The success of a product or service heavily relies on the degree to which the people creating it understand their users. This task usually falls to designers and researchers, who have the difficult challenge of getting into the heads of users and deeply understanding their needs, behaviors, pain points, and emotions. While user research can be time consuming, when done right, it will make or break your product.
Large percentages of users will halt business with a company after just one negative experience. Conducting proper user research will provide valuable insights that help you retain users and generate leads. Without it, you may not be able to pinpoint the needs of your users or understand the context of their use. In a nutshell, user research allows companies to marry their product and business strategy with the needs of their users.
Product managers, developers, and the rest of the product team are key players when it comes to user research. They know the product better than anyone else, so involving them in your user research process bridges the (sometimes wide) gap between your team, your stakeholders, and the end users. It helps them fully understand what it’s like to be on the other side of the product. Here are a few easy ways to get them involved.
Insights are most effective when shared directly with your team, and what better way than a summary sent directly to their inbox. Key summaries of recent research findings from usability testing, customer interviews, or survey results will help your team operate more efficiently and with a clearer understanding of your user’s needs. While this research can be divided up between individual departments, a company-wide email newsletter creates a centralized dialogue that allows your user’s voice to be heard.
Sprint retrospective is a place for your team to come together and reflect on the past sprint or milestone. While it’s great for reviewing internal processes and wins / losses, why not make it more customer-centric by sharing a few themes from customer support?
And if you don’t have easy access to the support inbox, try presenting a summary of any testing or interviews that were completed during the sprint. This is where Dovetail’s insights feature becomes a powerful way to summarize and share insights in a bite-size form without unnecessary detail from your raw notes or analysis.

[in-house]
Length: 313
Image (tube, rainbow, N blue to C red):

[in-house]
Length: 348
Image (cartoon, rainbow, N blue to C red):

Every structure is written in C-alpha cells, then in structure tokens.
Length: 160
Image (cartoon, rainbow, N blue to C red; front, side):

Usability testing is a way to see how easy to use something is by testing it with real users. When your team members and stakeholders participate in usability testing, they are exposed to how well the product fares with real users in terms of ease-of-use, intuitiveness, memorability, navigation, delight, and more.
We suggest teams capture notes collaboratively in real time on platforms like Notion, Google Docs or Dovetail. Dovetail is great for aggregating and analyzing the findings across sessions before finally creating short, sharp insights as a summary.
Directly meeting and observing people using your product will have a huge impact on building user empathy and deepening your teammate’s understanding of user needs. This is especially true for those who aren’t in regular customer-facing roles like developers.
Reach out to a few local customers and ask if you can visit their office. Bring one or two teammates along as a photographer and note-taker. Users are typically happy to share their voice, and in giving them the opportunity, you also provide an avenue in which the user feels valued, thus strengthening their bond with your company.
User research is a team sport! Collaborative research analysis boosts the effect of your research and improves your internal research practice. Working as a team means that all interests are covered. All roles and maintain a stake in both the collection and analysis, the result of which will benefit all parties. Collaborative tagging in Dovetail provides a fun and intuitive way for everyone to get involved in research analysis and helps you break down longer documents like transcripts or notes in less time.